Founded in 1999, Ferry Beach Ecology School hosts students from other schools for as little as an afternoon or as long as a week, taking advantage of the seven natural ecosystems within walking distance of the school and teaching about nature and ecology. It’s located at a Unitarian summer camp that was established in 1901, and uses the buildings when the camp isn’t. So far, 80,000 students have taken part in the program.

The garden is located on a challenging site that was built on beach sand on secondary dunes and buffeted by ocean winds. But the students and staff have slowed the winds by creating woven fences from trees cut down for projects elsewhere on the property.

The soil is improved by a no-till method of lasagna gardening, where layers of organic matter and newspapers are put down and allowed to decompose to create a rich topsoil.

“We teach that it takes 5,000 years in nature to create an inch of topsoil, but we can make it a lot faster,” Dumsch said.

Ibsen stresses putting plants close together, having mulch and compost on the soil and gardening vertically, to make the most of a garden that is about the size of a small house lot.

“Bare soil is like an open wound, letting out soil moisture and soil fertility,” Ibsen said.

He combines the permaculture and American Indian practice of the three sisters with a crop rotation in several plots in the garden. The three sisters are corn, squash and beans. The corn provides structure for the beans to climb, the beans provide nitrogen to the soil for the other two plants, and the squash shades the soil to keep weeds to a minimum.

The planting pattern is more like a forest, Ibsen said, where there is a mixture of plants rather than the distinct rows of a traditional vegetable garden.

After the squash is harvested in October, Ibsen has the students plant garlic, which is supposed to cleanse the soil. This year, he planted some summer squash around the garlic a few weeks before the garlic harvest to make more use of the soil.

Next year, that plot will be planted with peas, rye and vetch, all of which improve the soil.

In another area, Ibsen uses more combination planting with an apple tree as a centerpiece. Rhubarb will improve the soil. Fennel is believed to repel a lot of apple-tree pests. And bee balm will attract a lot of pollinators.

Ibsen was especially proud of a tomato cage that was about 7 feet tall and 6 feet long, made entirely from items taken from a Dumpster at a school construction project.

The wood for the frame came from discarded pallets. The tomatoes climb metal reinforcing grids that usually go into a concrete floor.

All of this is put together in a package that will please older elementary and middle-school students. There are wanted posters for some of the bad bugs, such as Japanese beetles and tomato hornworms.

The little red garden shed has snacks from the garden as well as tools. The woven fences are both whimsical and practical. The mammoth sunflowers are about 8 feet tall with foot-wide seed heads.

Although the garden provides only a small percentage of the food served at the school, the dining hall is used as a teaching tool.

“With the kind of teaching we do here, we didn’t want the cafeteria food to be from Sysco,” Dumsch said.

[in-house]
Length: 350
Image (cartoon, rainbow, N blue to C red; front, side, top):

It costs the school about an extra $30,000 a year to get organic and local food, he said, but donations help pay for it.

One of the major fundraisers for the school will be Eco Appetito, to be held from noon to 3 p.m. Oct. 2 at Cinque Terre, 36 Wharf St. in Portland.

Chef Lee Skawinski and his staff will be preparing locally sourced food, wine and beer. There also will be live entertainment, door prizes and a silent auction. Tickets are $40.

Tom Atwell can be contacted at 791-6362 or at:

tatwell@pressherald.com

 

Most Read:

 

 

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http://www.pressherald.com/life/homeandgarden/ferry-beach-students-elevate-garden-to-a-sustainable-ecosystem_2011-09-25.html

Luce Irigaray – Quotes

Luce Irigaray – Quotes

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Posted 24 September 2011, by Staff, The European Graduate School, egs.edu

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…more than other senses, the eye objectifies and masters. it sets at a distance, maintains the distance. in our culture, the predominance of the look over smell, taste, touch, hearing, has brought about an improverishment of bodily relations…the moment the look dominates, the body loses its materiality.

Irigaray, Luce.

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“Sexual difference is probably the issue in our time which could be our ‘salvation’ if we thought it through.

Irigaray, Luce.

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Between gods and men, territories are set up. At least in the no-man’s land of the heights of heaven, the depths of hell, and inside the boundary traced by the oceans. Dimensions installed by a cosmogonic trilogy that leaves each term in its generic place. There remains the earth ancestress, a fourth term, that was once the most fertile, that has been progressively buried and forgotten beneath the architectonic of patriarchal sovereignty. And this murder erupts in the form of ambivalences that have constantly to be solved and hierarchized, in twinned pairs of more or less good doubles.

Irigaray, Luce and Gillian C. Gill (Translator). Marine Lover: Of Friedrich Nietzsche. Columbia University Press. April 15, 1991. Hardcover 176 pages, Language English, ISBN: 0231070829.